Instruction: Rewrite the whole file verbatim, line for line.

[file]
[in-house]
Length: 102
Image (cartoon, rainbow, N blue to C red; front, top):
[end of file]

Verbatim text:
[in-house]
Length: 102
Image (cartoon, rainbow, N blue to C red; front, top):